Use of growth factors and adhesive ligands to promote connective tissue progenitor colony formation from fresh marrow
Author(s)Marcantonio, Nicholas A. (Nicholas Alexander)
Massachusetts Institute of Technology. Biological Engineering Division.
Linda G. Griffith.
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The current gold standard for bone graft material is autologous bone, which provides mechanical support, possesses factors that promote bone formation, and contains connective tissue progenitors (CTPs), a heterogeneous population of connective tissue stem and progenitor cells that contribute to neotissue formation. A major limitation to autologous bone grafts is the risk of surgical complications associated with graft harvesting as well as significant donor-site morbidity. Available bone graft substitutes are not as efficacious as autologous bone, resulting in a prescient need for improved bone grafting materials. A promising tissue engineering approach involves the use of bioactive biomaterials that can promote the selective retention of CTPs from pre-seeded autologous bone marrow. When presented in a tethered form, EGF has been shown to promote the survival and enhance the adhesion of culture expanded CTPs. Therefore, the hypothesis of this work was that tethered EGF could be used to enhance the retention of osteogenic CTPs from freshly aspirated bone marrow. Numerous adhesion ligands and growth factors have been investigated for use as candidates for the functionalization of bioactive materials. In this work, we showed that synergy-RGD peptides, which incorporate the putative synergy site on fibronectin, can promote cell adhesion through both a5pl and av33 integrins. We then investigated the effects of tethered EGF on CTP colony formation in the context of defined adhesion environments using a functionalizable comb copolymer. We found that tethered EGF increased the colony forming efficiency of CTPs from fresh human marrow when cell attachment was promoted by either non-specific protein adsorption, fibronectin pre adsorption, or through the synergy-RGD ligand. In contrast, soluble EGF did not increase colony formation, demonstrating the importance of the modality of ligand presentation.(cont.) Quantitative image analysis also suggested that while tethered EGF did not promote increased osteogenesis at early times after cell seeding tethered EGF may induce the proliferation and migration of cells within osteogenic colonies. These results provide important insight into both the study of the effect of EGF on CTP behavior, as well as the use of tethered EGF as a potential ligand for use in biomaterials that promote the selective retention of CTPs.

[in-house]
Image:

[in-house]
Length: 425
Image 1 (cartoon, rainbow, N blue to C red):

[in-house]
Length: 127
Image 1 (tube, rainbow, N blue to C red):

Thesis (Ph. D.)--Massachusetts Institute of Technology, Biological Engineering Division, 2008.Includes bibliographical references.
DepartmentMassachusetts Institute of Technology. Biological Engineering Division.
Massachusetts Institute of Technology
Biological Engineering Division.